Older Women with Healthy Bones May Need Osteoporosis Screening Less Often
Women, 67 years and older, with good bones may not need another osteoporosis screening for 10 years rather than every 2 years.
The current recommendations were set in 2002 by the U.S. Preventive Services Task Force. The recommendations state women ages 65 and older should be routinely screened for osteoporosis and suggested a 2-year screening interval.
Margaret L. Gourlay, MD, MPH of the University of North Carolina at Chapel Hill School of Medicine and colleagues presented the findings of a new study Sunday at the annual meeting of the American Society for Bone Mineral Research in Toronto which suggest women aged 67 years and older with normal bone mineral density scores may not need screening again for 10 years.
Screening of bone density is done using a densitometry or DXA scan. It is done to determine the presence or risk of osteoporosis. A bone density test uses X-rays to measure how many grams of calcium and other bone minerals are packed into a segment of bone. A bone density test is a fairly accurate predictor of your risk of fracture.
The length the screening interval has remained controversial and undecided, with no definitive scientific evidence to provide guidance. Gourlay and colleagues are attempting to find solid scientific evidence on which to base clinical guidelines.
"If a woman's bone density at age 67 is very good, then she doesn't need to be re-screened in two years or three years, because we're not likely to see much change," Gourlay said. "Our study found it would take about 16 years for 10 percent of women in the highest bone density ranges to develop osteoporosis."
Gourlay and study co-authors analyzed data from 5,035 women aged 67 years and older that were collected as part of the longest-running osteoporosis study in the U.S., the Study of Osteoporotic Fractures. These women were enrolled in the study from 1986 to 1988 when they were 65 years or older, and had bone mineral density (BMD) testing starting about two years later. All of the study participants had bone mineral density testing at least twice during the study period; some were tested up to five times over a period of 15 years.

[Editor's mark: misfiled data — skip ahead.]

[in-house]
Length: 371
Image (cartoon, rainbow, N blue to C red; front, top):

For the analysis, women were categorized by BMD T-scores and women with osteoporosis (those with a T-score of -2.5 or lower) were excluded from the study.
The remaining women were placed in three groups according to their baseline BMD T-scores at the hip. The high risk group was women with T-scores ranging from -2.49 to -2.00, while the moderate risk group had T-scores from -1.99 to -1.50. The low risk group included two T-score ranges: T-scores -1.49 to -1.01, and normal BMD (those with T-scores of -1.00 or higher).
The researchers calculated estimated times for 10% of the women in each T-score group to transition to osteoporosis. For the high risk group, the estimated time was 1.26 years, while it was about 5 years for the moderate risk group and 16 years for the low risk group.
The study concluded that baseline BMD is the most important factor for doctors to consider in determining how often a patient should be screened. It also suggests that older postmenopausal women with a T-score of -2.0 and below will transition to osteoporosis more rapidly, while women with T-scores higher than -2.0 may not need screening again for 5 to 10 years, Gourlay said. "Doctors may adjust these time intervals for a number of reasons, but our results offer an evidence-based starting point for this clinical decision."